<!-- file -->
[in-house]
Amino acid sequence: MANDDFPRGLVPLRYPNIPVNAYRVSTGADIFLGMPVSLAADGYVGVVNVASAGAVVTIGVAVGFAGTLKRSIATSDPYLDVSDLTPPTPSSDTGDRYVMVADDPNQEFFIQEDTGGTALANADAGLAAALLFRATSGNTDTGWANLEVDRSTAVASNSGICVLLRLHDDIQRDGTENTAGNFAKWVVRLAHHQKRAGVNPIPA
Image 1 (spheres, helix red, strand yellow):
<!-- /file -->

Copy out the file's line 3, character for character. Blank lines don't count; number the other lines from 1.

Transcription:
Image 1 (spheres, helix red, strand yellow):